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AECC Aims At Near-Leap-1C Performance For Its Engine

Jun 14,2017

SHANGHAI¡ªAero Engine Co. of China (AECC), developing the CJ-1000 turbofan for the Comac C919 airliner, is aiming at what it believes is a specification only slightly inferior to those of rival engines.

Thrust-specific fuel consumption in cruise for the initial version of the engine, the CJ-1000A, will be 0.53 lb. per lb. of thrust per hour, according to details issued by Galleon, a Chinese conference organizer. Galleon has published the information in a brochure for China Aerospace Propulsion Technology Forum 2017 to be held May 24-25 at Shenyang, China. AECC, which is supporting the conference, is evidently Galleon¡¯s source.

For the CFM Leap-1C, the only engine available for the C919 until the CJ-1000 is ready, cruise fuel consumption is 0.5 lb. per lb. per hour, Galleon says. Again, the conference organizer must be relying on information from AECC.
The PW1100G of the AirbusA320 neo family has the same cruise fuel consumption as the Leap-1C, in AECC¡¯s estimation. Engineers working on the CJ-1000 have previously said they needed to match the CFM Leap-1C, because they were working to the same propulsion specification set by Comac.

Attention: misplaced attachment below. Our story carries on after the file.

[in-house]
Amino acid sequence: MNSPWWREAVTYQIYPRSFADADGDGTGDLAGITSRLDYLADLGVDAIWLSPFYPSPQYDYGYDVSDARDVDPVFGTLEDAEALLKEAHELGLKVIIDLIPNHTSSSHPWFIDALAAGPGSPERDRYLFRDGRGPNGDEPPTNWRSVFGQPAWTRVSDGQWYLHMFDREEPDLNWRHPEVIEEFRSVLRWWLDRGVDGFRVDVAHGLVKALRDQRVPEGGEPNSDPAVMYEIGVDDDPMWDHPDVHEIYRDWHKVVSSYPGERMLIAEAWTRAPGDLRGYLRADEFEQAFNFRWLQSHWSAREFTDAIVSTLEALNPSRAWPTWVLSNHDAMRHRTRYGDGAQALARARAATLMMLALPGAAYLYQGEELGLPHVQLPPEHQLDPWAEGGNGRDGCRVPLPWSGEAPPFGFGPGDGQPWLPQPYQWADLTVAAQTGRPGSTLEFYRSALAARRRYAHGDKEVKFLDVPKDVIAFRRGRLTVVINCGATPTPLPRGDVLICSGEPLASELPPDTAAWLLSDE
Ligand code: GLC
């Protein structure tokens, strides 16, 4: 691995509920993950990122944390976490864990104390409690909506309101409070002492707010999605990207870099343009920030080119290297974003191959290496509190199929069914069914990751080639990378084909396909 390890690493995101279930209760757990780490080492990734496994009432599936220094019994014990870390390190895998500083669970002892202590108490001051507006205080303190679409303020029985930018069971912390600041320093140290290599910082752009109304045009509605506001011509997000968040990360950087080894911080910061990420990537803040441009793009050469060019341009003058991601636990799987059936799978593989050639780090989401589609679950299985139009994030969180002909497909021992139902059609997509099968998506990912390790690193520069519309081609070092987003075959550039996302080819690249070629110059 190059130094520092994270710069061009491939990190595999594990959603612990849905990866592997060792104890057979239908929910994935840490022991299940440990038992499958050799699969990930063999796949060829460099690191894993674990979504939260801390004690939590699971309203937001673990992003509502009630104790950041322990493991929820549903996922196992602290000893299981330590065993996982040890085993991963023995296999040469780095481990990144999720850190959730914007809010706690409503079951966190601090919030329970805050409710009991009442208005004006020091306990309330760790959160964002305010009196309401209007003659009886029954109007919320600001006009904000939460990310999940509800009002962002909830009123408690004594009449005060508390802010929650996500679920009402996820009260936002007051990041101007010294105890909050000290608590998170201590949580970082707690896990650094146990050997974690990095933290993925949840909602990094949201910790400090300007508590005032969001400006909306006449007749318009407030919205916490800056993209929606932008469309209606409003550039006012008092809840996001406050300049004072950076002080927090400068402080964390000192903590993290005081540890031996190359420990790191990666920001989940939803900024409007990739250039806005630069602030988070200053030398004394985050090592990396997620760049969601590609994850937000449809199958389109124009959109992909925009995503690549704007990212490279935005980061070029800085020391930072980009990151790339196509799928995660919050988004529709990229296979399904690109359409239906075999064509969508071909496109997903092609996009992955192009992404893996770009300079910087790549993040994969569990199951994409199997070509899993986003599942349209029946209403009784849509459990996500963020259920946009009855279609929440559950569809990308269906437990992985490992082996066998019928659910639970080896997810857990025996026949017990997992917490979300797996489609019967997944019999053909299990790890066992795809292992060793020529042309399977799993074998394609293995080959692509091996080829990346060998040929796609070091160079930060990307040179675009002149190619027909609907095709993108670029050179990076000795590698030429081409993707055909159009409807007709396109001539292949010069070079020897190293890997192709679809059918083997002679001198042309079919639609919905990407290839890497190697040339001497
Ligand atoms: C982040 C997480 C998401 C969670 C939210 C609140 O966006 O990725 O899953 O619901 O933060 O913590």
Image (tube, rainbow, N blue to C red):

The CJ-1000A is intended to generate takeoff thrust of 28,200 lb. A timeline suggests the two-shaft, ungeared turbofan will go into production in 2022.

Foreign engineers doubt that the CJ-1000A can be developed in anything like the published schedule. The Chinese industry has negligible experience in developing commercial engines, let alone one that is supposed to go head-to-head with two of the latest products from Western manufacturers.

The second version of AECC¡¯s turbofan, the CJ-1000B, is scheduled to follow in 2026 with a thrust of 30,800 lb. thrust and cruise fuel consumption of 0.52 lb. per lb. per hour.

Bypass ratio for the CJ-1000A will be greater than nine. The overall pressure ratio is intended to be about 40, while noise should be 15 PENdB below the FAA¡¯s Stage 4 requirement.

AECC is designing its engine for a turbine inlet temperature of 1,577 C (2,871 F) and nitrogen oxide emissions more than 50% below the CAEP 6 requirement of the International  Civil Aviation Organization.

AECC was formed in 2016, mostly by splitting off the engine units of Avic. The CJ-1000 is a project of a Shanghai subsidiary, AECC Commercial Aircraft Engines, formerly Avic Commercial Aircraft Engines.

The manufacturer expects a production run of 1,670 CJ-1000s,including 124 as spares, according to Galleon¡¯s brochure. That implies that 773 C919s will use the engine.

News source:Aviation Week

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